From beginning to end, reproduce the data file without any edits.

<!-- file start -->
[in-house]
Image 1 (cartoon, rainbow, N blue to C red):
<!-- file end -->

[in-house]
Image 1 (cartoon, rainbow, N blue to C red):